Tuesday, September 27, 2011
KUALA LUMPUR, Sept 26 — Private sector employees will be allowed to work until they are 64, with a minimum mandatory retirement age of 60 under a new law being drafted by the government.
The Private Sector Retirement Age Act will mandate retirement at 60, with an option for a four-year extension.
“This means that the retirement age will be raised from 55 to 60. A technical committee has met two or three times with the last coming just before Hari Raya,” Malaysian Trades Union Congress (MTUC) secretary-general Abdul Halim Mansor told The Malaysian Insider.
The Malaysian Insider understands that the change, which will benefit six million workers, will also require an amendment to the Employment and Employees Provident Fund Acts.
It is also understood that except for one employers’ representative, there has been unanimous agreement on the proposal.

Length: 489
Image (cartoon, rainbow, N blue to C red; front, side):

Although the matter is being refined by the technical committee, Halim said the MTUC wants the welfare and benefits of employees to be given priority.
“We ask the government to take into account the shortcomings of the Employment Act when laws on private sector retirement age are introduced,” he said.
The private sector has followed the civil service’s original retirement age of 55 as there is no law mandating a retirement age.
Although the government has since raised the retirement age for civil servants to 58, the private sector has not followed suit.
MTUC has previously pressed the government to extend the retirement age to 60.